Climate change is speeding up in Antarctica

In recent years, Antarctica has experienced a series of unprecedented heatwaves. On 6 February 2020, temperatures of 18.3C were recorded, the highest ever seen on the continent, beating the previous record of 17.5C which had only been set a few years earlier.

Around February 2022, another strong heatwave in Antarctica led to record-breaking surface ice melt. In March of the same year, East Antarctica saw its strongest ever heatwave, with temperatures soaring to 30C or 40C higher than the average in some areas.

Over the last year, we have seen the lowest levels of Antarctic sea ice coverage since records began.

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Record-breaking temperatures during the heatwave on 6 February 2020.
González-Herrero et al. (2022)

Events in recent years have bordered on the unbelievable, and it is difficult not to link them to climate change. In fact, studies have already emerged that clearly attribute some of these heatwaves to global warming: one of our investigations strongly suggests that without the influence of climate change, 2020’s record-breaking temperatures would not have occurred.

Read more:
A heatwave in Antarctica totally blew the minds of scientists. They set out to decipher it – and here are the results

Antarctica’s changing climate

In 2009, a study quantified the speed of ecosystem migration due to climate change on a global scale, and documented, essentially, the speed at which certain species have to move to ensure their survival. It concluded that biomes were moving at a speed between 0.8 and 12.6km per decade, with an average speed of 4.2km per decade.

In our more recent study, published in February 2024, we adapted this measurement of speed and applied it to the edges of Antarctica. To do this, we tracked the southward migration of the zero-degree isotherm.

The zero-degree isotherm is an imaginary line that encloses the areas that are at zero degrees or lower. Its southward movement means that the area with temperatures below zero Celsius in Antarctica is getting smaller and smaller. Given that water freezes at zero degrees, this movement will have serious consequences for ecosystems and for the cryosphere (areas of the Earth where water is frozen).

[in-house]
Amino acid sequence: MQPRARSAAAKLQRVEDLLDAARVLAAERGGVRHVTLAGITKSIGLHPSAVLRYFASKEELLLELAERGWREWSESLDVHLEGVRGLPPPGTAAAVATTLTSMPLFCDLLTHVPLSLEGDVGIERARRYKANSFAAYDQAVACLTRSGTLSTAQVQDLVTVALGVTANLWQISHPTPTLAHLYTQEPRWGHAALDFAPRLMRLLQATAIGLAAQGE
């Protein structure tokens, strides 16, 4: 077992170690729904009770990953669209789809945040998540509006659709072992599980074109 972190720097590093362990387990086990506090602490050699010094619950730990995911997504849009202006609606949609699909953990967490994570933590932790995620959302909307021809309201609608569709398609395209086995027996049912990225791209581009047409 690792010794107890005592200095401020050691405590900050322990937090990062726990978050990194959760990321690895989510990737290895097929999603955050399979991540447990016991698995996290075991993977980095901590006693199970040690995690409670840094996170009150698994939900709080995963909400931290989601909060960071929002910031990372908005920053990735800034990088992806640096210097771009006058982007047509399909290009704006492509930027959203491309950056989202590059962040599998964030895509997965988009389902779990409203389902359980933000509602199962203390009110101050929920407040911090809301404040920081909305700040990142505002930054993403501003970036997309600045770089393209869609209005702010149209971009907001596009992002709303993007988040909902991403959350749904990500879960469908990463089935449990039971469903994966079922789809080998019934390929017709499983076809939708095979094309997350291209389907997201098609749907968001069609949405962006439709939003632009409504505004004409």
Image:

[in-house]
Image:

Our calculations show that the zero-degree isotherm has moved at a speed of 15.8km per decade since 1957 in the area surrounding the Antarctic, while on the Antarctic peninsula itself it has moved at 23.9km per decade. As a result, it now sits over 100km south of where it was in the mid 20th century.

These measurements show that the speed of climate change on the edge of Antarctica is four times faster than the average of other ecosystems.

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Evolution of the annual and seasonal position of the zero-degree isotherm in Antarctica between 1957 and 2020. The initials indicate the seasons for each measurement. MAM: autumn, JJA: winter, SON: spring, DJF: summer.
González-Herrero et al. (2024)

The effects of emissions

To predict the consequences of the southward migration of the zero-degree isotherm, we ran our data through twenty different climate models. Although there is some variation in the shift of the isotherm among the models, all agree that it will move significantly further southward over the next few decades.

The models also predict that, over the coming decades, the isotherm’s movement will accelerate regardless of emissions. However, the extent of its southward movement in the second half of the 21st century will depend on how much carbon we emit.

If we continue at our current rate of emissions, the zero-degree isotherm will continue to advance at a similar rate before slowing down during the second half of the 21st century. However, if emissions are higher, the isotherm’s migration will accelerate continuing its southward movement until the end of the century.

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Change in the summertime position of the zero-degree isotherm over the course of the 21st century. Based on IPCC climate scenario SSP5-8.5, whereby current emission levels are approximately doubled by 2050.
Adapted by González-Herrero et al. (2024)

Impacts on the cryoshpere and ecosystems

The zero-degree isotherm’s southward movement will not remain solely in the atmosphere, it will also affect the cryosphere (all of the frozen areas of Antarctica) and the biosphere (the species that live there).

Changes in the isotherm’s position will mean more liquid rain instead of snow in the outermost regions of the continent, though it may in fact cause increased snowfall in other areas.

Reduced snowfall on the frozen sea – which acts as insulation – may lead to accelerated loss of sea ice during summer thaw periods.

Although the effects on permafrost, ice shelves and continental ice are still uncertain, it will undoubtedly affect the peripheral glaciers of the Antarctic Peninsula. These constitute one of the largest potential sources of sea level rise in the coming decades.

Changes in the cryosphere will also lead to changes in ecosystems. New areas will become habitable thanks to thawing ice, but with more areas above zero degrees, invasive species from warmer, more hospitable continents may be able to settle, and they will compete with native species for resources.


See also Even far from the ocean, Australia’s drylands are riddled with salty groundwater. What can land managers do?

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